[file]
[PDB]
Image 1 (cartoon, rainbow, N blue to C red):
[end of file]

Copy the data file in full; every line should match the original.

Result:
[PDB]
Image 1 (cartoon, rainbow, N blue to C red):